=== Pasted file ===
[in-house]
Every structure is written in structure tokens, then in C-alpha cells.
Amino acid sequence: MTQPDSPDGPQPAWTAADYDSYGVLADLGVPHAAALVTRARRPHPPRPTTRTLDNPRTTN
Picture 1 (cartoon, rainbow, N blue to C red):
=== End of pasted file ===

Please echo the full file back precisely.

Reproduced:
[in-house]
Every structure is written in structure tokens, then in C-alpha cells.
Amino acid sequence: MTQPDSPDGPQPAWTAADYDSYGVLADLGVPHAAALVTRARRPHPPRPTTRTLDNPRTTN
Picture 1 (cartoon, rainbow, N blue to C red):